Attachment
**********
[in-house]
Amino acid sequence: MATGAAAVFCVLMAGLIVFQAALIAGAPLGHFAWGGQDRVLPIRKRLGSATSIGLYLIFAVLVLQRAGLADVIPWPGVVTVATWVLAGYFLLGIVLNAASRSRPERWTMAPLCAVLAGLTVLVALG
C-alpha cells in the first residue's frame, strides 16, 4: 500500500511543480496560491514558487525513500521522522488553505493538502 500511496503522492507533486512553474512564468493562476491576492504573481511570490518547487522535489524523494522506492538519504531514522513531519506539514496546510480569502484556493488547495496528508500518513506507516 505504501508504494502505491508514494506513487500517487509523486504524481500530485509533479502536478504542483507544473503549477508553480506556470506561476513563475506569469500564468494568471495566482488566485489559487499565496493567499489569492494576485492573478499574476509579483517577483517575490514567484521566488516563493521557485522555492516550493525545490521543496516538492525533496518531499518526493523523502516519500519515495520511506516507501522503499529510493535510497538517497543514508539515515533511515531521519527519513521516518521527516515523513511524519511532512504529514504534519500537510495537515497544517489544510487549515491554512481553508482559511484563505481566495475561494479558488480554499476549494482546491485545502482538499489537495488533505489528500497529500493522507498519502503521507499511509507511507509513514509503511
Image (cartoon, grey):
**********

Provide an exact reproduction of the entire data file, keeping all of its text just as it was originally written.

[in-house]
Amino acid sequence: MATGAAAVFCVLMAGLIVFQAALIAGAPLGHFAWGGQDRVLPIRKRLGSATSIGLYLIFAVLVLQRAGLADVIPWPGVVTVATWVLAGYFLLGIVLNAASRSRPERWTMAPLCAVLAGLTVLVALG
C-alpha cells in the first residue's frame, strides 16, 4: 500500500511543480496560491514558487525513500521522522488553505493538502 500511496503522492507533486512553474512564468493562476491576492504573481511570490518547487522535489524523494522506492538519504531514522513531519506539514496546510480569502484556493488547495496528508500518513506507516 505504501508504494502505491508514494506513487500517487509523486504524481500530485509533479502536478504542483507544473503549477508553480506556470506561476513563475506569469500564468494568471495566482488566485489559487499565496493567499489569492494576485492573478499574476509579483517577483517575490514567484521566488516563493521557485522555492516550493525545490521543496516538492525533496518531499518526493523523502516519500519515495520511506516507501522503499529510493535510497538517497543514508539515515533511515531521519527519513521516518521527516515523513511524519511532512504529514504534519500537510495537515497544517489544510487549515491554512481553508482559511484563505481566495475561494479558488480554499476549494482546491485545502482538499489537495488533505489528500497529500493522507498519502503521507499511509507511507509513514509503511
Image (cartoon, grey):